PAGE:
Pussy said to the Owl, ‘You elegant fowl!

How charmingly sweet you sing!

O let us be married! too long we have tarried:

But what shall we do for a ring?’

They sailed away, for a year and a day,

To the land where the Bong-tree grows

And there in a wood a Piggy-wig stood

With a ring at the end of his nose,

His nose,

His nose,

With a ring at the end of his nose.


‘Dear pig, are you willing to sell for one shilling

Your ring?’ Said the Piggy, ‘I will.’

So they took it away, and were married next day

By the Turkey who lives on the hill.

They dined on mince, and slices of quince,

Which they ate with a runcible spoon;

And hand in hand, on the edge of the sand,

They danced by the light of the moon,

The moon,

The moon,

They danced by the light of the moon.

My favourite illustrated version is by James Marshall:

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Accidents and Sagacity

“In ancient times there existed in the country of Serendip, in the Far East, a great and powerful king. He had three sons who were very dear to him. And being a good father and very concerned about their education, he decided that he had to leave them endowed not only with great power, but also with all kinds of virtues of which princes are particularly in need.”


The father searches out the best possible tutors. “And to them he entrusted the training of his sons, with the understanding that the best they could do for him was to teach them in such a way that they could be immediately recognized as his very own.”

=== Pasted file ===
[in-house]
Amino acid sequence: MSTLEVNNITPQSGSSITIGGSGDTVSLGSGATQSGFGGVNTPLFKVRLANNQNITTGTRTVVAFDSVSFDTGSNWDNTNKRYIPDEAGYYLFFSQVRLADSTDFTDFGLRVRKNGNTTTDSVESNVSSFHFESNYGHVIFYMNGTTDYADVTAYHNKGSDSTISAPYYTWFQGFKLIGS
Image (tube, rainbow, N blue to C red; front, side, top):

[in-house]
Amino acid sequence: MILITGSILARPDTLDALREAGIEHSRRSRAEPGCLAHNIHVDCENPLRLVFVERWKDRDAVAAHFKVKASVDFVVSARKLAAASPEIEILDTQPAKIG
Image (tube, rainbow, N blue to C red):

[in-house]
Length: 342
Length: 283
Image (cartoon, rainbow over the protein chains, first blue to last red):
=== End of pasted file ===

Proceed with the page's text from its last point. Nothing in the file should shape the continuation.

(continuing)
When the tutors are pleased with the excellent progress that the three princes make in the arts and sciences they report it to the king. He however still doubts their training and summoning each in turn, declares that he will retire to the contemplative life leaving them as king. Each politely declines, affirming the father’s superior wisdom and fitness to rule.

The king is pleased, but fearing that his sons’ education may have been too sheltered and privileged, feigns anger at them for refusing the throne and sends them away from the land.

No sooner do the three princes arrive abroad than they trace clues to identify a camel they have never seen. They conclude that the camel is lame, blind in one eye, missing a tooth, carrying a pregnant woman, and bearing honey on one side and butter on the other. When they later encounter the merchant who has lost the camel, they report their observations to him. He accuses them of stealing the camel and takes them to the king and demands punishment.

The king asks how they are able to give such an accurate description of the camel if they have never seen it. It is clear from the princes’ replies that they have used small clues to infer cleverly the nature of the camel.

Grass had been eaten from the side of the road where it was less green, so the princes had inferred that the camel was blind on the other side. Because there were lumps of chewed grass on the road the size of a camel’s tooth, they inferred they had fallen through the gap left by a missing tooth. The tracks showed the prints of only three feet, the fourth being dragged, indicating that the animal was lame. That butter was carried on one side of the camel and honey on the other was evident because ants had been attracted to melted butter on one side of the road and flies to spilled honey on the other.

As for the woman, one of the princes said: “I guessed that the camel must have carried a woman, because I had noticed that near the tracks where the animal had knelt down the imprint of a foot was visible. It was the imprint was of a woman’s foot.”

“I guessed that the same woman must have been pregnant,” said another prince, “because I had noticed nearby handprints which were indicative that the woman, being pregnant, had helped herself up with her hands.”